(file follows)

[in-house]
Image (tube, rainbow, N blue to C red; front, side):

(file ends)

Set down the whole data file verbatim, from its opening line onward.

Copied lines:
[in-house]
Image (tube, rainbow, N blue to C red; front, side):